The U.S. Environmental Protection Agency (EPA) has released several scientific assessments that found commonly used neonicotinoid pesticides (neonics) can kill and harm birds of all sizes. This comes on the heels of research from the University of Saskatchewan, with experimental evidence finding dramatic effects of neonics on birds inhabiting farmland or open countryside — causing migrating songbirds to lose their sense of direction and suffer drastic weight loss.
While honey bees are the most commonly discussed pollinator endangered by pesticide exposure, this research is a reminder of the wide range of pollinators — including about 4,000 types of bees, butterflies, bats and birds — that can be impacted by agricultural chemicals.
Independent scientists largely concur that bee declines are caused by a combination of several factors, including increased overall pathogen loads, poor nutrition, habitat loss and pesticide exposure. And neonicotinoid pesticides — both alone and in combination with other pesticides — have emerged as a key factor in bee die-offs, both because of their direct toxicity to bees and their indirect and cascading effects.
As we’ve seen from recent (and previous) research on birds and neonics, some of the same factors stressing bee populations are similarly damaging to avian pollinators.
Birds eat seeds . . . and whatever’s on them
EPA’s recent assessments found that risks posted to certain birds from eating neonic-treated seeds exceeded the agency’s level of concern by as much as 200-fold. If neonic-treated seeds make up just one to six percent of a bird’s diet, serious harms could result.
This is a problem because millions of neonic-treated seeds are planted annually in the U.S., including almost all of the corn, and around 40% of the soy. Compounding that, EPA doesn’t require coated seeds to be registered as a “pesticide application,” and has no program to adequately assess the ongoing environmental impacts of neonics building up in soil and water.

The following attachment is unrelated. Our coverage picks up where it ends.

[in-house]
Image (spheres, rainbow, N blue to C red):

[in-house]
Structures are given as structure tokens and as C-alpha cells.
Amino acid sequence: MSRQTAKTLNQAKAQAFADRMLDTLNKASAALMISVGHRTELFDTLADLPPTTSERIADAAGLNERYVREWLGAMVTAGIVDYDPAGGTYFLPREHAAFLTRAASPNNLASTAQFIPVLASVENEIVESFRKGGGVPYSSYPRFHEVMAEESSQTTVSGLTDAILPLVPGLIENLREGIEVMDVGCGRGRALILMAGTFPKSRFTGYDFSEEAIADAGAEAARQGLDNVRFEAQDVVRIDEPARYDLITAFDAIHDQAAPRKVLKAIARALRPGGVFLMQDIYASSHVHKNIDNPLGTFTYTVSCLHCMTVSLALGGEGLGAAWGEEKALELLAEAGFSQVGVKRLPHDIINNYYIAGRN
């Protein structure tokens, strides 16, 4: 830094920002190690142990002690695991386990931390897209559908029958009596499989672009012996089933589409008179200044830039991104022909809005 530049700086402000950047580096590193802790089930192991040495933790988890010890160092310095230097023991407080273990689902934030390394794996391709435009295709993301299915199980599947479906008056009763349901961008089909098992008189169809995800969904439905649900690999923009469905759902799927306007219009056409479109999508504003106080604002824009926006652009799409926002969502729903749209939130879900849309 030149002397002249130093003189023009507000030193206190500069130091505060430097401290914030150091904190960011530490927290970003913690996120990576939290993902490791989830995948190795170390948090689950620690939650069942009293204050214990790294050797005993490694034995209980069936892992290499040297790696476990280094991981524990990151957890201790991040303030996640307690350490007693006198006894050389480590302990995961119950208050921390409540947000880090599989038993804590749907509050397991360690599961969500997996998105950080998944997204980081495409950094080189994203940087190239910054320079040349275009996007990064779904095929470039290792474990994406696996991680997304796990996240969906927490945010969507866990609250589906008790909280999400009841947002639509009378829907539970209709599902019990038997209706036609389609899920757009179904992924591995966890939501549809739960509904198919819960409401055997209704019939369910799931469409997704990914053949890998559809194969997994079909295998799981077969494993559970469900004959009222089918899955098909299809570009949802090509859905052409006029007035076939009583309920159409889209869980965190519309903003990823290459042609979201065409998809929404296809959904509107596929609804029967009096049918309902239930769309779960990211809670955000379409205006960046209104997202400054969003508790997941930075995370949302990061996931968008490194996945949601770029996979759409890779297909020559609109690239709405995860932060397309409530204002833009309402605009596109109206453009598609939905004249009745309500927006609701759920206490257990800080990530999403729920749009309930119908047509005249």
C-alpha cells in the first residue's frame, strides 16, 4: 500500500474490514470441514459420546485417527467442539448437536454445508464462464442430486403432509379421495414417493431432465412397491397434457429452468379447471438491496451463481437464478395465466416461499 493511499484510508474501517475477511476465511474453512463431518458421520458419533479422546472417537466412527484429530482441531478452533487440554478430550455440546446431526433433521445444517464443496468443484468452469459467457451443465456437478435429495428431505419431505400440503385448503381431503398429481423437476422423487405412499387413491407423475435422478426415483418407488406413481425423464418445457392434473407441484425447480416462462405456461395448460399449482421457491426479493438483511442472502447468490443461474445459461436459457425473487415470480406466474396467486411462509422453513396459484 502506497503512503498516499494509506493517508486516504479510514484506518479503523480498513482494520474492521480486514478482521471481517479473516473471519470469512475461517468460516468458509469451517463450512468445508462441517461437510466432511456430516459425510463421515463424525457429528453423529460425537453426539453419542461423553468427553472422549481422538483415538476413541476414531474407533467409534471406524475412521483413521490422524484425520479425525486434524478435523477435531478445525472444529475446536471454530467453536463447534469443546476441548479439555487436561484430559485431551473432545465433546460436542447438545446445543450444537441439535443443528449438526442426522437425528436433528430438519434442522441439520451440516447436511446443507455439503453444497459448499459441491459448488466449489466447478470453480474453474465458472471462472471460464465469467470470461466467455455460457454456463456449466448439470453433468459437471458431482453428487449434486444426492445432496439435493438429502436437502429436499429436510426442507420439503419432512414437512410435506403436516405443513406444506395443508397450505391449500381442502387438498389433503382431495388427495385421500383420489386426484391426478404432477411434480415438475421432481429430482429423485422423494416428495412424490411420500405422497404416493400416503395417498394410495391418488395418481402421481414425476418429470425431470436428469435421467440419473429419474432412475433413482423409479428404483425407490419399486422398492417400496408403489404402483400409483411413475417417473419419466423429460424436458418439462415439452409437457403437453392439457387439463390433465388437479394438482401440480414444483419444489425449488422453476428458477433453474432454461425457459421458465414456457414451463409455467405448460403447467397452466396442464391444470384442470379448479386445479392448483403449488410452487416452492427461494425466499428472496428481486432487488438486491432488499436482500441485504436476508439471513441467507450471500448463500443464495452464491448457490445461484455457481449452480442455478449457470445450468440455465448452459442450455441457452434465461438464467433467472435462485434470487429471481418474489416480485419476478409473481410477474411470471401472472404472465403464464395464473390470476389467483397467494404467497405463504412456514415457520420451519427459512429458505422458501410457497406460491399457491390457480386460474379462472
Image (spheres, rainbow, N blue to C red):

In fact, just a few days before EPA shared findings related to neonics and birds, the agency also reversed an Obama-era determination that seeds treated with neonicotinoid insecticides bring little benefit for soybean growers. This finding flies in the face of a body of independent research, and the agency’s previous assessment, that soy yields do not increase from neonic seed coatings.
Pushing for pollinator protection
Our work to protect pollinators — birds, bees, bats and beyond — continues. And one clear way to do that is to push for policies and practices that curb agricultural reliance on neonics and other pollinator-harming pesticides.
Last January, Center for Food Safety filed a lawsuit challenging EPA’s inadequate regulation of neonic seed coatings on behalf of PAN, several beekeepers, farmers and other sustainable agriculture and conservation groups. And PAN is continuing to push for protective pollinator policies in Minnesota, where the state Governor and Department of Agriculture have taken action steps to protect state pollinators.